Spoon reminds me of Death Cab for Cutie in that they are reliably excellent, though they never really seem to ascend to album-of-the-year heights. Transference, their release from 2010, follows this mold: a high quality album, but not a serious contender for best of the year.

4. “Lake Superior” by Jason Collett

Props to J. Middlekauff for turning me on to this album (but not otherwise turning me on: he can save that for Mrs. Middlekauff). Jason Collett is one of the cast of thousands who have been a member of Canadian indie supergroup Broken Social Scene. Seriously, I think Article V of the Canadian Constitution guarantees any “qualified indie rocker” membership of not less than one year in Broken Social Scene. Of course, there’s been a lot of litigation as to who is a “qualified indie rocker” — people get pretty uptight about fundamental rights like that.

Collett’s Rat a Tat Tat, which this song comes from, is a very solid album; it kind of has an Exile on Main Street-style ragged sexiness to it. Of course, this is a little bit like saying someone has eyes that look like Sofia Loren’s. I mean, that person obviously doesn’t look as good as Sofia Loren, and Jason Collett ain’t Mick Jagger, but, I’m just saying it’s a nice album.

5. “Anyone’s Ghost” by The National

It took me a while to get into The National. Matt Berninger’s baritone is very unusual, but, once you grow accustomed to it, you realize it’s rich and expressive and pretty great. Likewise, The National’s lyrics can be inscrutable on first listen, but after a while, they burrow into your subconscious and start to lay eggs which hatch into delicate butterflies of heartbreaking beauty, desperation, and tragedy. And sometimes their lyrics are just great:

“I owe money on the money on the money I owe.” (from “Bloodbuzz, Ohio.”)
“You said it was not inside my heart, it was.
You said it should tear a kid apart, it does.” (“Anyone’s Ghost”)

And their music is always great. Tasteful. Restrained. Playing for the slow build rather than the quick, cheap payoff.

I’ve always been a fan of the melancholy in music. I’m not depressed or hopeless or anything, but I find something incredibly beautiful about songs in a minor key about lost love or dreams deferred or disappointment or some other such thing. This is one of the miraculous things about art, that it allows us to take the ugly, painful things in life like sorrow and anger and transform them into something beautiful and transcendent.

6. “Goaltime Exposure” by Land of Talk

Last year I mentioned that I thought Karen O of the Yeah Yeah Yeahs was the best female rock singer going. I still feel pretty comfortable with that statement, but I was struck again this year by just how many great female lead vocalists are around. Here’s my quick and dirty top ten:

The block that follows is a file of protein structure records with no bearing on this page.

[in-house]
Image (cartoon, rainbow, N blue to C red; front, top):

1. Karen O of the Yeah Yeah Yeahs – Sounds a lot like the Pretenders’ Chrissie Hynde. She has the most versatility of these great singers; she can deliver a sexy purr, a call to arms, or a cry of desperation with equal skill.
  2. Neko Case of The New Pornographers – Even after repeated listenings, the tone of Neko’s voice – like a clear, resonant bell – continues to be overwhelming.
  3. Norah Jones of herself – I still haven’t gotten over my Norah crush. For me, she is still the proverbial singer that could sing the phone book and I’d listen to it.
  4. Karen Bergquist of Over the Rhine – She brings as much conviction to her songs as anyone. Listen to her sing “I Want You To Be My Love,” and you’ll see (hear) what I mean.
  5. Rachael Yamagata of herself – Expressive, deep, rich alto.
  6. Chan Marshall of Cat Power – Her distinctive, breathy deliver may be too good, since it seems that everyone wants to use her voice to sell something.
  7. Elizabeth Powell of Land of Talk – The inspiration for this list. Seems to be growing as a vocalist and an artist on her third album.
  8. Leslie Feist of Feist (no duh) — I mean, have you heard “Mushaboom”? What more do you need?
  9. Fiona Apple of herself – Assuming she’s still alive. Has anyone seen Fiona? I’m worried about Fiona, you guys. My friend Brooke pointed out that, if Fiona Apple had a son and he married Chris Martin and Gwyneth Paltrow’s daughter, her married name would be Apple Apple.
  10. Erica Wennerstrom of Heartless Bastards – Her voice is a little strange – mannish, actually, but, my word, it’s hard to find a more compelling vocal than the one she delivers on “The Mountain.”
Water would go to this concert.
7. “Crash Years” by The New Pornographers

Speaking of Neko . . .

I’ve always thought that albums are kind of like people: some you like, some you respect, some you think are more or less garbage. It’s good to be around people you respect and admire. They push you to kick the inertia monster in the teeth and try to get something done. But sometimes you just want to relax with a friend who you don’t have to impress and who likes you just the way you are.